Most of the mural on the right side of the Great Hall is devoted to the social, cultural and economic development of Texas during its first century of independence. Eugene Savage did, however, deal with the history of annexation and statehood in the first part of the mural, beginning on the left. The last president of the Republic of Texas, Anson Jones, is shown lowering the Texas Republican flag, as J. Pinckney Henderson, first governor of the State of Texas, raises the flag of the United States. Those surrounding him are men and women who were instrumental in the revolution as well as bringing Texas into the fold of statehood. The women the artist chose to portray are Jane Long, Suzanna Dickinson, Rebecca Fisher, and Francisca Alvarez. At the top of this section is a tribute to the Native Americans of Texas. Next, you see gray-clad soldiers setting off to fight for the Confederacy during the American Civil War. They are led by Generals Dowling, Johnston, and Hood, all of whom had special ties to Texas. When the men returned home, they sought to make a living using the natural resource of cattle, which the Spanish had brought to their missions. So began the cattle drive, when tough cowboys drove longhorns north along the Chisholm Trail to eagerly awaiting markets in the North and Midwest.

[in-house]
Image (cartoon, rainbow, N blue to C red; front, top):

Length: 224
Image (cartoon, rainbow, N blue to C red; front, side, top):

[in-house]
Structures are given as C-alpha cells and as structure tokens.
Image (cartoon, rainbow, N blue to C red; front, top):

At the top of this section, the Civil War’s end is symbolized by the three allegorical figures: North, South, and Columbia (Union).
Eugene Savage devoted the central panel of this mural to education. Mirabeau B. Lamar’s land grant system helped educate children throughout the state. Above the children, emerging from darkness into the light of knowledge is a figure representing the State of Texas, the source of the abundant fruits and grains that pour forth on either side of her.
The final two panels in the mural show the economy of the state. The busy port scene demonstrates the impact of the Gulf Coast on Texas’ economy. Cotton, lumber and oil are also given their respective due in the painting. The billowing cloud that seems to boil up around the yellow substance in the open mining car is sulfur, one of the state’s extensive mineral resources. The method of removing it from the ground by using hot water hoses turns it into a yellow powder as it dries.
Savage placed the last of his four allegorical trios in the open space at the top of this section. These two women and one man represent Music, Literature, Science Truth, and the new Plastic Arts that were just beginning to be developed when the artist was painting. Above this scene a veritable forest of oil derricks disappears on the horizon, bringing the viewer to the abrupt end of the murals in the 1930s, when Eugene Savage painted them.